According to the information received the rape victim who is the wife of a resident of a village in Lodhran, Punjab province, came with her family to visit Karachi. On Sunday, March 16, 2008, they went to visit the mausoleum. Both, she and her husband, were stopped at the gate by two guards and told to obtain tickets from another gate which is at least 600 meters away from where they were. The husband went to purchase the tickets asking his wife to wait for the other relatives who were coming in a vehicle. After purchasing the tickets the husband returned and discovered that his wife was missing; her slippers, however, we lying nearby. That whole night her family searched for her and the next day they filed a police report. However, the police failed to take any action.

Then, on the night of March 18, she was found on the stairs of the mausoleum. She was taken to two different hospitals of the city where it was confirmed that she had been repeatedly raped. The mausoleum is under the tight control of the three arm forces of Pakistan and there have been many reported cases of rape and sexual harassment of women. It is due to this that the people of Karachi are avoiding visiting the mausoleum. It is believed that the police and city administration are not willing to conduct investigations and arrest the offenders as the suspected rapists are guards from armed forces personnel. They are now putting pressure on the family of the victim not to pursue the case.This is a shocking incident and the attitude of the city government of Karachi city in trying to tone down the incident is deplorable. An enquiry into this incident should immediately be instituted and the perpetrators arrested and prosecuted forthwith. The victim must be provided with protection, all medical assistance and compensation.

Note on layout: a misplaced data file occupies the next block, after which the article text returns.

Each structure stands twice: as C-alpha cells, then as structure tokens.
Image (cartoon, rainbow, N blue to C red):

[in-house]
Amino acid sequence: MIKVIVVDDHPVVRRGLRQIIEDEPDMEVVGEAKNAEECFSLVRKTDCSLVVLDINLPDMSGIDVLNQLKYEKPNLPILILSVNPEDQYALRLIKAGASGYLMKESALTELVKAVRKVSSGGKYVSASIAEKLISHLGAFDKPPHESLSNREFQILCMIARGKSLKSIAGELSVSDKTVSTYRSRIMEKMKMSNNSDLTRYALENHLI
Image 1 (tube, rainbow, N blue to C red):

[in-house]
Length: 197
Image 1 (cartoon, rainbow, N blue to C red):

Many reports regarding rape are received from Pakistan. Women's organisations in particular have often spoken out about this. However, the authorities in the country do not show much concern to deal with this serious crime. The rape done by personnel of the armed forces is an even greater problem. In this particular case a family went for a visit to a national monument and the woman was raped within its premises after being abducted. We particularly urge the Ministry of Women's Development to inquire into this case and take appropriate action.

# # # About AHRC: The Asian Human Rights Commission is a regional non-governmental organisation monitoring and lobbying human rights issues in Asia. The Hong Kong-based group was founded in 1984.